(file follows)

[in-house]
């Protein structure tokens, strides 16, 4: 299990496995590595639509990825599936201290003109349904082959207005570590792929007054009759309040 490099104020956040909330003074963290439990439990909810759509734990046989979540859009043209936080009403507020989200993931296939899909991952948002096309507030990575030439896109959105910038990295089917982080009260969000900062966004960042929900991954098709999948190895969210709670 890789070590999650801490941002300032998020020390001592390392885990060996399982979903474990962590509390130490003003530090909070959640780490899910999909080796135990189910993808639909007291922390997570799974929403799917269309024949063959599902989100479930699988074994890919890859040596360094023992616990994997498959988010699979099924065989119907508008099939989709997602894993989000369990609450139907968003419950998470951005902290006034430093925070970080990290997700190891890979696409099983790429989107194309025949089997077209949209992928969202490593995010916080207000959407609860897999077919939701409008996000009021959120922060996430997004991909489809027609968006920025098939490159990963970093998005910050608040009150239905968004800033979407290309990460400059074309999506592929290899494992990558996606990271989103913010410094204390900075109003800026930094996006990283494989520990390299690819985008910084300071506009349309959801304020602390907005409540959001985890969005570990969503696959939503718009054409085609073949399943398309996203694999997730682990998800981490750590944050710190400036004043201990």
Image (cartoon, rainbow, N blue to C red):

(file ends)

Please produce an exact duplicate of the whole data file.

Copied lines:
[in-house]
């Protein structure tokens, strides 16, 4: 299990496995590595639509990825599936201290003109349904082959207005570590792929007054009759309040 490099104020956040909330003074963290439990439990909810759509734990046989979540859009043209936080009403507020989200993931296939899909991952948002096309507030990575030439896109959105910038990295089917982080009260969000900062966004960042929900991954098709999948190895969210709670 890789070590999650801490941002300032998020020390001592390392885990060996399982979903474990962590509390130490003003530090909070959640780490899910999909080796135990189910993808639909007291922390997570799974929403799917269309024949063959599902989100479930699988074994890919890859040596360094023992616990994997498959988010699979099924065989119907508008099939989709997602894993989000369990609450139907968003419950998470951005902290006034430093925070970080990290997700190891890979696409099983790429989107194309025949089997077209949209992928969202490593995010916080207000959407609860897999077919939701409008996000009021959120922060996430997004991909489809027609968006920025098939490159990963970093998005910050608040009150239905968004800033979407290309990460400059074309999506592929290899494992990558996606990271989103913010410094204390900075109003800026930094996006990283494989520990390299690819985008910084300071506009349309959801304020602390907005409540959001985890969005570990969503696959939503718009054409085609073949399943398309996203694999997730682990998800981490750590944050710190400036004043201990």
Image (cartoon, rainbow, N blue to C red):